Goldman Sachs Group Inc. is finally embracing its status as a private equity giant.
The firm’s top executives in recent months have laid out plans to raise more client funds for private investing and rely less on its own balance sheet. As part of that effort, the bank is looking to consolidate the investing activities of multiple units across the firm to add more heft to its merchant banking division, according to people briefed on the matter. A related announcement was set for as soon as Monday.
The Wall Street Journal reported Sunday that Goldman is pulling together four separate units, including the special situations group from its trading division, to create a larger entity that will invest in private companies, real estate and other deals. Leslie Shribman, a Goldman Sachs spokeswoman, declined to comment on the move.
“There actually is a very, very significant alternatives asset manager inside Goldman Sachs,” which has operated from a number of different units in the past, Chief Executive Officer David Solomon told Bloomberg Television in April, when asked whether he aimed to create something akin to Blackstone Group LP. “We see opportunities to expand what we’re doing for clients in that business and be a little more focused on growing our client franchise around those activities.”
Under Solomon, who rose to CEO in October, the firm has been honing its strategy for the private investing business, looking to make it operate more efficiently and profitably, while relying more on fees than investment gains. Rich Friedman, who led the merchant banking unit for 21 years, handed off leadership in April to Andrew Wolff and Sumit Rajpal, who have principal responsibility for the private equity business. The shakeup also gave Julian Salisbury, head of the special situations group, oversight of real estate across the firm.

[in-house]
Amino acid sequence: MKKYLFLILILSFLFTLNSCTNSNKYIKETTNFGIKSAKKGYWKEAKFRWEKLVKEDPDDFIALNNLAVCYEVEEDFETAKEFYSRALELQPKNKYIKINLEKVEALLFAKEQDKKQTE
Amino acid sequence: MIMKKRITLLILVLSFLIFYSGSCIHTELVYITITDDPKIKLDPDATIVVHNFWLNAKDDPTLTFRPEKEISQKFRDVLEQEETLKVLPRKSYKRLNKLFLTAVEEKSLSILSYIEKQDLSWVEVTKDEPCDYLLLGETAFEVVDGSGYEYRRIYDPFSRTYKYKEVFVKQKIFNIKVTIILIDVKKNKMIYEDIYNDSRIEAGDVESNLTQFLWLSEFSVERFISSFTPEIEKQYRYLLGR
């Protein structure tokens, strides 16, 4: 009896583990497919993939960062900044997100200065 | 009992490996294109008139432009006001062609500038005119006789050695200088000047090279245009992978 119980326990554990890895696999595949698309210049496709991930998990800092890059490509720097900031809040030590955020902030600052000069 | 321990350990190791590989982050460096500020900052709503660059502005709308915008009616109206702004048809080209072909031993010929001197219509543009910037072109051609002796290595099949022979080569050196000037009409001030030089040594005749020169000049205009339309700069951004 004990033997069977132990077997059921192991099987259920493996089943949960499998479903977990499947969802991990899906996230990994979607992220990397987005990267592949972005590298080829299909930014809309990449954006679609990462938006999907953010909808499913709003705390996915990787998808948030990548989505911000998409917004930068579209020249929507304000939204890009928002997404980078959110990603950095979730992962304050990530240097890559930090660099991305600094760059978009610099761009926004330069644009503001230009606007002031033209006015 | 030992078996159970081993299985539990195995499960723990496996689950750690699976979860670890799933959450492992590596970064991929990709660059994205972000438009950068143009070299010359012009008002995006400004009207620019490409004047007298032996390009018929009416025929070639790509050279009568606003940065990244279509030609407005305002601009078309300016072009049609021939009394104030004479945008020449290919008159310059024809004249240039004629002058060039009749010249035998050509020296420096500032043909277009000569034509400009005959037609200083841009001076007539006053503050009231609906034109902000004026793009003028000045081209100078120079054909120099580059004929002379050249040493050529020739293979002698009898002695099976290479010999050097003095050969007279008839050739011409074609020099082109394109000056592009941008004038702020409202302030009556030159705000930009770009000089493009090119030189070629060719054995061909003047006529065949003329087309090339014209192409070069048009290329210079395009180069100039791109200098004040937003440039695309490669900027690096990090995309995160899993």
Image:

Goldman Sachs has long been unique among Wall Street banks in the size of investments it makes with its own funds -- the firm had $20 billion in private equity investments at the end of 2018. While the company’s status as a major investor has raised conflicts for its investment bankers, it’s also been hugely profitable. Investing and lending, the reporting segment that includes the merchant bank division, contributed higher pretax profit than the firm’s trading or investment banking businesses last year.
John Waldron, the firm’s president, said at an industry conference last month that the bank will look to court institutional investors with its ability to offer private equity deals and public market strategies.
“This is going to be a long-term journey,” he said at the Bernstein Strategic Decisions Conference. “We’re not going to turn this battleship from balance sheet investing to fee income overnight.”
Goldman shares have fallen 18% in the past year, compared with the 1.3% decline in the Standard and Poor’s 500 Financials Index. The broader S&P 500 Index climbed 3.8%.
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